6. Insisting that only lawyers can be DPOs. There are some very good data protection lawyers out there in the wild, but an awfully large majority of lawyers who know almost nothing about privacy law. There are many experienced and competent data protection professionals who know privacy law inside-out but do not have a law degree. The only reason for insisting on having a lawyer as a Data Protection Officer or DP Lead is if the lawyer is *already* a DP specialist with business, communications & technical skills. The “lawyer” part is incidental.
  7. Marketing GDPR stuff by breaching other laws (PECR) or in breach of DPA/GDPR itself (were you given a privacy notice about the use of your information for marketing purposes? Is it a fair use of your personal data?)
  8. Calling it the “General Data Protection Regulations”. Seriously, people. It’s Regulation (EU) 2016/679, singular (even though there is a lot of it).
OK, those are the “approach with caution” signs. But how to find good advice on GDPR? Here’s some advice for spotting people who probably know what they’re talking about:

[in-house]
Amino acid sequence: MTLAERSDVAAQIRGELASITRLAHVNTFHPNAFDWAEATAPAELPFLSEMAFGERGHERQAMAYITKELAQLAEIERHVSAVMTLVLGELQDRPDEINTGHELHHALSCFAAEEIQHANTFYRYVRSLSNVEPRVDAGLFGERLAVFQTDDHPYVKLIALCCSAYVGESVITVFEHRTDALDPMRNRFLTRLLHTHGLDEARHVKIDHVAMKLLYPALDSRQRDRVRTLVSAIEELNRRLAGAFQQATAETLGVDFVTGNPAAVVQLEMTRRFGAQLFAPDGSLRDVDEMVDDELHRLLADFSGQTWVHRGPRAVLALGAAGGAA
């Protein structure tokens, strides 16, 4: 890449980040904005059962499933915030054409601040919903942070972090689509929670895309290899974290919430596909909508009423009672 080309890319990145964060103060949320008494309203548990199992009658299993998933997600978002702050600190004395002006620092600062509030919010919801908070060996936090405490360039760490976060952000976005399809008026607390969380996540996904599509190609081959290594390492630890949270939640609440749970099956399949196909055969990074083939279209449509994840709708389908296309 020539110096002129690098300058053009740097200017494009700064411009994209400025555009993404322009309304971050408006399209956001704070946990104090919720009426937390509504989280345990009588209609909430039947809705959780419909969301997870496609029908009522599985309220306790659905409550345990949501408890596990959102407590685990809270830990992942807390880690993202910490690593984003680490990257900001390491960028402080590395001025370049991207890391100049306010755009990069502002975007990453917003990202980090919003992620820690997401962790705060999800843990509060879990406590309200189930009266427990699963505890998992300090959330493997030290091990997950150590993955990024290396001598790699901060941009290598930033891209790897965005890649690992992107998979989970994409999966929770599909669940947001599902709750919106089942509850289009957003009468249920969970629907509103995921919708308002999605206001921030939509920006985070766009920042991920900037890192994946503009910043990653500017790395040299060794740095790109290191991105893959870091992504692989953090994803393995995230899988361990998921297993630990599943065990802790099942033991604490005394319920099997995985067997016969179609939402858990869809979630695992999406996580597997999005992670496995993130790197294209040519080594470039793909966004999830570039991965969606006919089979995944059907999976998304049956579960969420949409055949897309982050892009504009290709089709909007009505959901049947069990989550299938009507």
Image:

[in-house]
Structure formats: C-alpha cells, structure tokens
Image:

A competent privacy practitioner will tell you
  • There is no magic spell; time, effort, decision-making and resources will be required to adapt to GDPR requirements
  • There is no single tool, audit framework, self-assessment template, cut-n-paste policy or off-the-shelf training module that will make you “compliant”. You need to address systems, process AND culture at all layers and contexts.
  • Records management is just as significant as infosec (if not more so)